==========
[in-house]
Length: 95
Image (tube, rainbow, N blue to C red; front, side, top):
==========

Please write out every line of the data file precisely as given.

[in-house]
Length: 95
Image (tube, rainbow, N blue to C red; front, side, top):